We are rewarded with clear skies, not another soul on the road, and Arran’s raw beauty. It’s uplifting, spiritual even. Bloody gorgeous in fact. Should you be unfamiliar with this little island, it is a mere 167 square miles of raw Scottish landscape. First colonised in the 6th Century, it is now home to around 5,000 inhabitants although you’d hardly know it, the hamlets are so small.
Skirting the ragged shoreline past Brodick, Corrie and Sannox, the single coast road takes us on to Lochranza, home of Arran whisky.
Twenty years earlier, I pulled an MGB GT onto the rough gravel of the then recently opened Arran distillery. This time, the 8 Series is eased onto the smooth Tarmac outside the newly refurbished visitor centre. Two decades ago, the whisky was in need of one crucial ingredient to help it on its journey: time; today, expectation is high.
The Arran distillery is the one of a new breed of whisky makers. It is also the first distillery opened on Arran since the last (legal) one shut in 1837 – although it is said there were as many as 51 illegal ones. This year, it celebrates its 25th anniversary and is planning events and special whiskies to celebrate. The Arran distillery has expanded too; in fact, it is now two distilleries, the other in Lagg on the south of the island.
After first sampling the 10-year-old – merely a splash on the palate for the driver, sadly – Campbell, resplendent in a kilt, takes us on a tour. Reeling off the facts, the anecdotes and showing considerable passion for Arran and its whisky, he doesn’t miss a beat. Aged in sherry casks from Spain and bourbon casks of American white oak, it is all managed under the watchful eye of master distiller, David Livingston.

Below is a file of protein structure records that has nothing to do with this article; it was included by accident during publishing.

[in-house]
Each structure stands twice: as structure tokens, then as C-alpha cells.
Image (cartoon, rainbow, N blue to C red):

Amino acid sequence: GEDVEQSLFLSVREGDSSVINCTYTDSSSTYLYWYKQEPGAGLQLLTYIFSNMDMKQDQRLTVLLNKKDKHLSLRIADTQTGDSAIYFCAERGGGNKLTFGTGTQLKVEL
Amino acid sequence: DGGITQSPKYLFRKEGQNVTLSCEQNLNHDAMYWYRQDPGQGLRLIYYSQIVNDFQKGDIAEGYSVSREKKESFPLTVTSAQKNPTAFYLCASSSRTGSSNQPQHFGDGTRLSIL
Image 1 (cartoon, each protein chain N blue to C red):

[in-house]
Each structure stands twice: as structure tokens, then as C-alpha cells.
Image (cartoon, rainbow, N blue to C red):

Unlike most west coast whiskies, the flavour isn’t peaty; water is sourced from underground springs at Loch na Davie on the island, described as the purest water in Scotland by Glasgow University. Nor is Arran whisky chill-filtered. So if (heaven forbid) you add ice, it’ll go cloudy because it still has all its oils in. And this really does give it its rich, enticing flavour.
While briefly tempted by the sweeter sherry cask finish, it’s the more savoury 10-year-old I pick as our trophy. There’s something unfussy and no-nonsense about it. Just like Campbell. Just like the rugged Arran. And just like its frequently barbaric weather. It is a fine whisky.
One last walk through the shop – full of tasteful things one might actually wish to buy – and a glance at my watch: time’s tight for the ferry. But with another spirited drive, I might just be able to take in the western route, anticlockwise around the island and cut over the middle to see Goatfell and still make in time for boarding. First though, a speedy stop at the stately 13th Century Lochranza castle, its distinctive silhouette having graced a number of earlier Arran whisky bottle labels.
The sprint back is a delight. The road opens up and sweeping curves offer the chance to set the car up properly and further enjoy its abilities. Showers are starting to head in from the Atlantic and we’re in and out of bright, dazzling low sunshine. And there it is: Goatfell on our left – a light dusting of snow on its 874-metre peak – and ahead, the descent down to Brodick Bay. Just in time for our ferry, the mission is complete. We have our whisky.
How did the weekend go, ask friends? And I tell them. There’s a reason why tales of Arran involve ferries. And weather. And whisky. This story has a stonking BMW in it too.